Behind the lenses – TBP Editorial

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Baloch students have been under protest for the last fifteen days against the unavailability of the internet for online classes in Balochistan. The first protest camp was set up in Sindh’s largest city Karachi and later similar camps were set up across Balochistan for their demands of internet connectivity and other facilities for the students.

On the 24th of June, student alliances in Quetta tried to hold a demonstration in front of Balochistan High Court but unlike what they planned, they were subjected to humiliation and faced aggression by the police force as tens of male and female students were arrested after being beaten up and dragged on roads, and that all happened in front of cameras.

Within a few minutes, video footages of the students being beaten up by the police went viral and a region-wide hashtag trend succeeded in gaining the attention of rights organizations as well as other activists and politicians. Under the immense pressure, Chief Minister Jam Kamal Khan confessed his helplessness in a Tweet and said that the orders of the arrest did not come from the provincial government (but somewhere else).

However, this raises a few questions about whether the provincial government controls the security apparatus in Balochistan or some other powers? If police force, which is not even infamous for its brutalities unlike the Frontier Corps (FC), can do something as heinous as beating up young female students in front of the camera, that too in the capital city Quetta, what would have been happening behind the camera in other parts of Balochistan?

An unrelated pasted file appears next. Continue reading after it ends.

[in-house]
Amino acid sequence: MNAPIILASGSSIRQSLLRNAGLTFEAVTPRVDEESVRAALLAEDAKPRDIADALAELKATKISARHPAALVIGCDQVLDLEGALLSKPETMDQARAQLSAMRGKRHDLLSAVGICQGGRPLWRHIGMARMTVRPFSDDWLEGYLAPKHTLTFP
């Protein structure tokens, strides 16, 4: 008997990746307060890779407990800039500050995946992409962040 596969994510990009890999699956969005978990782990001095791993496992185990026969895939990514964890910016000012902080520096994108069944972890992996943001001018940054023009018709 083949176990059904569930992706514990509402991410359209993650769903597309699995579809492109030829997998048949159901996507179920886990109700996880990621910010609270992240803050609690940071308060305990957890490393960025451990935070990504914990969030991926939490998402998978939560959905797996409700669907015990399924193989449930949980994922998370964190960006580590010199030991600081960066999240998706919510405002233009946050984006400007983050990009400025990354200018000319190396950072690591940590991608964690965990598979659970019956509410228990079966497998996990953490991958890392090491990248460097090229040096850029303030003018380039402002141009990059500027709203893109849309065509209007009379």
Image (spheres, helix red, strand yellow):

Perhaps the answer lies in a 2010 news published in Pakistan’s daily newspaper, Dawn. The news draws a grim picture of indiscriminate firing by the security forces (Frontier Corps) on students during a protest rally in Khuzdar city of Balochistan. As a result of the firing, two students died on the spot, Ali Dost and Saddam Baloch, whereas, four others sustained injuries including a student named Liaqat Ali, lost one of his limbs.

This one incident was reported in Pakistani media, but many more go unnoticed. This not only answers CM Jam Kamal that who ordered the arrest of students in Quetta but also answers why the internet facilities in Balochistan remain suspended after half a decade. The mindset continues to prevail among the security establishment of Pakistan that whatever happens in Balochistan, must stay in Balochistan.

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